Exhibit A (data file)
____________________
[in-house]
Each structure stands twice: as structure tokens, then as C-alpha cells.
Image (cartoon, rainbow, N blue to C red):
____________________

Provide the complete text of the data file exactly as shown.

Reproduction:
[in-house]
Each structure stands twice: as structure tokens, then as C-alpha cells.
Image (cartoon, rainbow, N blue to C red):